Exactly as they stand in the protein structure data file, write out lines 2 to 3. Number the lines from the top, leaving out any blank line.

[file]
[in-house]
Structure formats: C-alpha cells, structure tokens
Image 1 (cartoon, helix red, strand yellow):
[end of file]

Structure formats: C-alpha cells, structure tokens
Image 1 (cartoon, helix red, strand yellow):